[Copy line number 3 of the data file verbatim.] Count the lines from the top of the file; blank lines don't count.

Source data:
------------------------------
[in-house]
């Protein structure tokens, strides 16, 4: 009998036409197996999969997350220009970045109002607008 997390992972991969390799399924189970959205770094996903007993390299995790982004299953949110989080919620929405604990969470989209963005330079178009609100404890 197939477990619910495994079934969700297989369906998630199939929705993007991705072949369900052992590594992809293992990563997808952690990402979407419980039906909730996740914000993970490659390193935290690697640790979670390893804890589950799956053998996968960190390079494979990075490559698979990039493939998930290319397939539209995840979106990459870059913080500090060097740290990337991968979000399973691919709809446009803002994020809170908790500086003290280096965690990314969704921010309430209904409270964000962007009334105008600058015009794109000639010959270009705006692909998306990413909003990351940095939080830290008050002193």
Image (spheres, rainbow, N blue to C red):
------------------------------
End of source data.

Image (spheres, rainbow, N blue to C red):